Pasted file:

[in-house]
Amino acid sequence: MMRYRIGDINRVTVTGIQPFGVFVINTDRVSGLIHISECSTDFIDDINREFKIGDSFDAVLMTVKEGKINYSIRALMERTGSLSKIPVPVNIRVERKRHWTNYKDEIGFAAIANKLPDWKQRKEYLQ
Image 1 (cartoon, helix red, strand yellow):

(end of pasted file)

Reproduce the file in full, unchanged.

[in-house]
Amino acid sequence: MMRYRIGDINRVTVTGIQPFGVFVINTDRVSGLIHISECSTDFIDDINREFKIGDSFDAVLMTVKEGKINYSIRALMERTGSLSKIPVPVNIRVERKRHWTNYKDEIGFAAIANKLPDWKQRKEYLQ
Image 1 (cartoon, helix red, strand yellow):